- FIVE HITS
- Loan waiver to small and marginal farmers
- Cuts down on government holidays
- Free power connections to poor and improvement in electricity supply
- Anti Land Mafia Task Force
- Close coordination with central govt on implementation of schemes
- FIVE MISSES
- Law and order
- Caste clashes, particularly Saharanpur
- Anti Romeo squads descending to moral policing
- Crackdown on slaughter houses disrupting livelihoods and supply
- Missing deadline of Pot-hole free roads in the entire state by June 15, 2017
■ (From left) Deputy chief minister Dinesh Sharma, deputy CM Keshav Prasad Maurya, Siddharth Nath Singh, the health minister, Shrikant Sharma, the power minister, Rita Bahuguna Joshi, women and child welfare minister
But while this served optics, Yogi’s primary focus in the initial weeks was meetings across government, for he may have been a five-term MP, but lacked administrative experience.
“He first had all departments make presentations to him in the initial days, and got a sense of their functioning and schemes. Then he held divisional meetings and has already visited 17 out of 18 divisions,” a CMO official says. This period also saw delivery of some of the BJP’s manifesto promises, from anti-Romeo squads to crackdown on slaughter houses, from farm-loan waiver to increase in electricity supply.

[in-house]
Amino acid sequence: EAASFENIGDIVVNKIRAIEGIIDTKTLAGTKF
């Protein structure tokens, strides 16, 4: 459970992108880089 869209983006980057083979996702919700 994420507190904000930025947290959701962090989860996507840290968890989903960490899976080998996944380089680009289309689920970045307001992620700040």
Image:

In all this though, Yogi’s equation with the bureaucracy did not entirely settle. He is attentive, he carefully looks at files, he even wants to micro manage but paradoxically for such an involved CM, he has not been able to create a strong CMO.
“The CM, wary that sections of bureaucracy have been allied with either Samajwai Party or Bahujan Samaj Party, cannot quite trust anyone and he held back from selecting officers initially,” says a Lucknow bureaucrat.
Like he is not sure of them, bureaucrats do not quite know what to make of him. An official told HT, “CM has given a free hand and wants results. He is accessible and responsive. But whether he will back bureaucrats to the hilt on decisions and tough situations is not clear, and so everyone is being cautious.”
The Centre’s supervision
If the establishment of a clear power centre in UP is one change from the past, another big departure from the past is the role of the Centre in UP affairs. For the first time in 28 years, the same party is in power in both Delhi and Lucknow. And the result is closer convergence, and a degree of Delhi’s supervision that Lucknow is not familiar with.
There is a rationale for it. “The PM knows this mandate was won on his name. His credibility is at stake here,” says a BJP leader. The other obvious motivation is the general election in 2019. “We know that there is now no excuse with both the Centre and state in our hands. We have to go back with answers to the people. Delhi knows we cannot mess up here.”